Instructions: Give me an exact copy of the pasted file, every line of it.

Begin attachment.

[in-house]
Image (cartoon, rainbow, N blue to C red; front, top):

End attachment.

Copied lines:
[in-house]
Image (cartoon, rainbow, N blue to C red; front, top):